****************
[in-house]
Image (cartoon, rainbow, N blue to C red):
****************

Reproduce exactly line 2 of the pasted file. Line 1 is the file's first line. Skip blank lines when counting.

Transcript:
Image (cartoon, rainbow, N blue to C red):